By Elizabeth Alexander b. 1962 Elizabeth Alexander
I am the last woman off of the plane
that has crashed in a cornfield near Philly,

picking through hot metal
for my rucksack and diaper bag.

No black box, no fuselage,
just sistergirl pilot wiping soot from her eyes,

happy to be alive. Her dreadlocks
will hold the smoke for weeks.

All the white passengers bailed out
before impact, so certain a sister

couldn’t navigate the crash. O gender.
O race. O ye of little faith.

Here we are in the cornfield, bruised and dirty but alive.
I invite sistergirl pilot home for dinner

at my parents’, for my mother’s roast chicken
with gravy and rice, to celebrate.

“Crash” Copyright © 2001 by Elizabeth Alexander. Reprinted from Antebellum Dream Book, with the permission of Graywolf Press, St. Paul, Minnesota,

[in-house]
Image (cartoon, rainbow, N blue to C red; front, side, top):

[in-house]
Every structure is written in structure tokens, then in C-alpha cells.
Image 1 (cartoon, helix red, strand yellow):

Source: Antebellum Dream Book (Graywolf Press, 2001)

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Poet Elizabeth Alexander b. 1962

Subjects Heroes & Patriotism, Social Commentaries, Activities, Travels & Journeys

 Elizabeth  Alexander


Elizabeth Alexander was born in Harlem, New York, but grew up in Washington, DC, the daughter of former United States Secretary of the Army and Equal Employment Opportunity Commission chairman, Clifford Alexander Jr. She holds degrees from Yale, Boston University and the University of Pennsylvania, where she earned her PhD. Currently the chair of African American Studies at Yale, Alexander is a highly respected teacher and . . .

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SUBJECT Heroes & Patriotism, Social Commentaries, Activities, Travels & Journeys

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Originally appeared in Poetry magazine.

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